6. Okay, I’ve had an hour or more to mull it over and I’m still not getting:

    Excited because, well, it means that one of the underpinnings of Intelligent Design is coming along right on schedule.

    Specified complexity?

    (I thought, “I.D. is bad, m’kay, children?”).

  7. Annnd now I have that song in my head.

  8. Peter Watts: I honestly don’t remember.I was too hung over at the time.

    Disgusting. As atonement for this wastrel disregard for education I look forward to a short piece involving biological and electronic genes fighting it out over resources in a communal environment. [Sound of drumming fingers.]

  9. I for one welcome our octopoid petroleum-slurping overlords.

  10. I don’t think evolution would work well for computer viruses. We’d probably rid ourselves of any viruses if the immune system was not itself dumb evolution of antigens via somatic hypermutation. The software world is transparent; you can look inside the virus; there’s no evolving the membrane as in flu and cold.

  11. My university years would have been much more entertaining with you as a lecturer instead ob Rotenone Balon, or any number of other “I hate undergrad” profs.

    One of the most thought provoking lectures I experienced was by one of the worst scientists. He posed a single question at the beginning of class “why are there no trees in the ocean?” After each response from a student he would just draw another adaptation on his chalk drawing of a sea tree that addressed it. Being the typical Custeau inspired bilogists that most of us were at the time, we tended to limit our logic to things we could see and treated biology as if it acted independently of physics and chemistry. Lets face it Organic and biohemistry was something that most of us took because we had to, not because we wanted to.

  12. anony mouse: One of the most thought provoking lectures I experienced was by one of the worst scientists. He posed a single question at the beginning of class “why are there no trees in the ocean?”

    John C. Roff.

    I wonder what happened to him. Didn’t know he was a horrible scientist, though: he actually wrote a letter of reference that got me into UBC.

  13. Dmytry:
    I don’t think evolution would work well for computer viruses. We’d probably rid ourselves of any viruses if the immune system was not itself dumb evolution of antigens via somatic hypermutation. The software world is transparent; you can look inside the virus; there’s no evolving the membrane as in flu and cold.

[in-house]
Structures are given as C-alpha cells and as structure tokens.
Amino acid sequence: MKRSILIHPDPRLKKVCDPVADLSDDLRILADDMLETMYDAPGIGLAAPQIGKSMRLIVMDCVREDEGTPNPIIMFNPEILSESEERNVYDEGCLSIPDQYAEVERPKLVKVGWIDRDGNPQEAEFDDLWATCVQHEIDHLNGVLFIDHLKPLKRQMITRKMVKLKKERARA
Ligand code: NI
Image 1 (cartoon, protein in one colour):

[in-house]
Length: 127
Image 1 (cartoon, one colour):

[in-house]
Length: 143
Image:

The difference though is evolution in a digital medium works at digital speeds. By the time you’ve come up with a countermeasure the virus has already mutated, spread and mutated again a few hundred times over.

    The other side of that is of course an anti-virus that works along similar lines. Welcome to the joys of a digital arms race with, to quote Gibson, “one thumb permanently on the fast-forward button”.

  14. “Didn’t know he was a horrible scientist, though:he actually wrote a letter of reference that got me into UBC.”

    Just a poor judge of character.

    But you are right. Calling him a poor scientist is too harsh. I just found that he seemed to enjoy the university politics more than he did the science.

    I had drinks with him a couple years ago at Acadia where he was at the time. Since then I think that he moved to Belgium.

    I actually have many pleasant memories of the old charmer. And as I mentioned I found him to be a great undergrad teacher, although I knew people who would disagree. And he certainly made the marine bio field course fun (and liver damaging).

  15. From the TechWorld article: [ … ] “Conversely, software used when sequencing DNA of a living organism, and databases storing bits that code for that sequence, are probably not absent of vulnerabilities.” But whether it is possible to make a virus with malicious DNA sequences that could, once transcribed into bits, exploit those vulnerabilities, remains to be seen.

    Using a coded virus to affect human biology for military purposes is highly unlikely, since a spreading computer virus is much harder to control than, for example, anthrax bacteria. Releasing a virus might backfire and infect a nation’s own army. However, bioterrorists might be interested in the use of attacks based on such viruses, Lovet said. “And that is a very scary thought.”